Sunday, December 1, 2013

Ellicott City - Dublin - London - Rome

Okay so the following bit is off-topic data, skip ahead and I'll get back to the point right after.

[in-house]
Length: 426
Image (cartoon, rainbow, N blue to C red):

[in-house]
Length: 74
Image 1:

December 1, 2013 Peace and Good, I have been in Dublin this past week for a meeting of the custody of Great Britain and Ireland. The first session was held a couple of months ago, and this one was to finish up making plans for the next four years and to confirm the assignments for the guardians of the communities and the others who will lead them during this mandate. We held the chapter in All Hallows Seminary. This used to be the seminary for priests in Ireland who were going on mission, which often meant to southern states in the United States. Most of the foreign born Irish priests in Florida and California studied here. It is now used for continuing education and for meetings like ours. The meeting went quite well. There was a good spirit among the friars. There will be a few difficult years coming, but there certainly is a light on the horizon. They have a good number of new vocations, but it will take some time for them to be trained and ready for the ministry. In the meantime, the older friars are trying to hold out and the foreign friars brought in from the US, Canada, India, Malta, Poland and Romania keep the custody going. There are about 30 friars in solemn vows in all. Friday I flew in to London and overnighted at our friary and yesterday flew out to Rome. The trip was uneventful and I will be in Rome for the next couple of weeks (with the exception of flying out next Sunday to Staten Island for a celebration and flying back the next evening to come back to Rome). We have one of our big definitories, the one in which we meet with all of the men who are entrusted with the various offices of the Order. This week is also the Novena for the Feast of the Immaculate Conception. Our Basilica of the Holy Apostles is the center point for the celebration of the novena and the feast. There is a cardinal each night to be the celebrant at the Mass. The music is quite well done, and we get a good crowd for each of the evening Masses (which is not the case for most of the year). I finished some books: The Thirty-Nine Stairs by John Buchan This is a short story about a British man who has just come back from working in Africa. He encounters a harried American who tells him a fantastic tale of spy craft. The spy ends up murdered in the Brit’s apartment, and he must now flee both the murderers and the authorities. He runs far and wide on a series of adventures, and eventually through his brilliance is able to save the day (keeping the Germans from acquiring the plans for the deployment of the British fleet just before the beginning of World War I). It is written in the style of the spy story from the 20’s, and thus is a bit dated, but nevertheless is well written and enjoyable. The Last Tsar: Emperor Michael II by Donald Crawford This is the story of Grand Duke Michael, the brother of Czar Nicholas II. When Nicholas abdicated, he also gave up the throne in the name of his son Alexis because of his illness (he was a hemophiliac). Michael thus because the Czar of Russia. Michael had been disgraced in previous years by marrying a commoner who was also twice divorced. Yet, during World War I, he turned out to be a great hero, winning two of the most prestigious medals given in Russia (and not just because he was a Romanov). He was arrested by the provisional government and put to death by the communists shortly before the execution of his brother Nicholas and his entire family. The book is well written, painting Michael to be a very decent person (something that was recognized even by his captors). Islamic Mysticism by Luke Timothy Johnson This is the third section in a long study of mysticism by the Teaching Company. This was the shortest of the three. It dealt especially with the various forms of Islam (Sunni vs Shiite), with the various school of interpretation of the law, and with the Sufi movement of mysticism which dates back to the beginning of Islam (if not before) and extends to the present day. The most famous Sufi’s are Rumi the poet and the school of dervishes which he founded, the whirling dervishes. Like the schools of mysticism in Christianity and Judaism, there are some mystics who were more intellectual and some who spoke more from the heart. There were some who were more ascetical and some more worldly. Some stayed in one place and others travelled extensively. I liked Johnson’s conclusion that the mystics serve as a challenge to us today when we think that what we see and measure and control are all of reality. They remind us that there is a whole other level of reality which might even be more important than the everyday. Shooting Victoria: Madness, Mayhem, and the Rebirth of the British Monarchy by Paul Thomas Murphy Queen Victoria, the 19th century monarch of Great Britain, was the second longest reigning king or queen in that country’s history (just beating out George III by a short amount of time). During her reign, there were numerous attempts on her life (almost all with a pistol). Most of those who attacked her were mentally ill or desperate in some other way. None of them were put to death (which angered Victoria who thought that the criminals were getting off too easily and therefore serving as possible examples to other potential assassins). Ironically, every time that someone attacked her, she ended up being more popular. This was especially important at the start of her reign when she was disliked for mixing in politics and for the bad reputation of most of her extended family. The book is very well researched, but also gives a compassionate read of what happened. Have a good week. Shalom Fr. Jude

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